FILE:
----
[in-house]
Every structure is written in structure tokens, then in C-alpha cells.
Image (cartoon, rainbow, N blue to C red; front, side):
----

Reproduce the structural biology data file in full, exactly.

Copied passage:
[in-house]
Every structure is written in structure tokens, then in C-alpha cells.
Image (cartoon, rainbow, N blue to C red; front, side):